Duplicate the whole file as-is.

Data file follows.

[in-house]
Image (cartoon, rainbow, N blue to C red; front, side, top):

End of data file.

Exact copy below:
[in-house]
Image (cartoon, rainbow, N blue to C red; front, side, top):